Stuff that didn't make it in: There was this wrecking site next to our apartment, for example, I wanted to use for sound effects. From dawn till dusk, there were the sounds of a motel getting demolished. The pounding the wrecking ball made breaking walls was a special kind of distracting sound. The workers stayed on site, in these plywood huts built next to the wreckage. There was a mutual clothesline and women, but I was never able to catch lights on in the huts at night. It's probably a good thing I didn't go the Japanese horror movie route...

Title: Into the Monsoon
Word Count: 5,006
Finished: 22/07/07
Time Since Inception: 1 month
vampyrichamster: (Default)
I suppose, if there ever was a story to accuse me of literary fiction for, it's this one. Not Finches -- it is a horror story, even if it does get buried under the rubble of being awfully quiet. A Foreigner's View pretends to be nothing. I don't know how I want to define it. It's a slow simmer, moving quietly downriver with the occasional corpse. It is hopelessly mild. It would be surreal, if anything about it was really solid, rather than vapid. I'm hoping a bit of psychological trouble and the feeling of stagnant air will miraculously carry this story into the arms of some mild-mannered editor person who might just like it.

I am entirely hopeful, you see.

Title: A Foreigner's View of the River
Word count: 6,668 words
Time since inception: 5 years
vampyrichamster: (Default)
Worked on editing the original Finches tonight. I didn't originally write this as part of a series. The stories that came after it, Rahim (Finches II), and the as yet incomplete Finches III and IV, have ended up being framed in more of the correct sequence than the original. I've deleted the original dream sequences that started the frame -- I think they're trying too hard. This meant I had to reorganize the Darwin and Quranic quotes that made up the rest of the frame to accommodate the three missing segments. I rather like the quotes that have taken their place. There's a particular quote I like, from Surah Al Isra, Ayat 31. I'd tell you what it is, but that would have serious ramifications for just about everything.

I've been waiting to hear about Finches from IGMS for 5 about months now. I did send them a query a couple of days ago, but it doesn't look like anyone's answering. So I'm taking the initiative to send it to Holy Horrors, a publication I do want to try with the story. With my luck, I'll suddenly get my reject from IGMS two weeks later or rather like that.

Title: Finches
Word Count: 4,573
Finished: 02/11/2006
Time Since Inception: 12 months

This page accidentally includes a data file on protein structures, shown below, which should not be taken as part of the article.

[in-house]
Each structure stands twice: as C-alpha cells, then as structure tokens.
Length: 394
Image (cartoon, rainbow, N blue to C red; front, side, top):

vampyrichamster: (Default)
I like the sound of the word calamansi. It sounds like calamity. Calamity juice. Nice vibe to it.

Wrote this as a set of notes on the back of bus tickets. I'd intended for it to be a much longer work, but it didn't turn out that way. I do want to compile something, a chapbook maybe, of poetry or flash fiction written on the back of receipts, at some point. It'd be a cool little project to manage. Calamansi Juice comes from a much older story I had lying around about grief. If I died, would my mother grieve the way I think she would? The thing about people is that they're always moving on. People die. Big whoop. They move on. Life should keep being that way, since it's not broken and doesn't have to be fixed. Somewhere along the line, I had these notes on the back of bus tickets about the people I'd see waiting at bus stops on the way home from the city, and I put them together to make a journey. The result is a bit of an art movie, it'd probably be interesting to see what would happen if I eventually compiled this as a script. The downside is that it is a bit of an art movie (read: a teacup tragedy -- the tragedy of all hamster stories is that they are inevitably teacup tragedies), and it'd probably horrify the poor souls who'd find this at the bottom of their slush at 2AM with the lack of things that happen. Oh, no!

Fantasy got first dibs. I swore I'd try to get something in there again, and hopefully I didn't miss their most recent cut-off date or something dreadful like that. Because I'm dreadful with deadlines, we know this.

Next: it's either Finches III: Prisoners of Afi-chan, or that 'wet panties' story [ profile] jack_yoniga said I should write, just to defy his pet phalluses.

Title: Calamansi Juice
Word Count: 2,256
Finished: 15/08/2006
Time Since Inception: 4 months